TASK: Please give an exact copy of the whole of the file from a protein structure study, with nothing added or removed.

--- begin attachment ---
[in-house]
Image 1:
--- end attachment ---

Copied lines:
[in-house]
Image 1: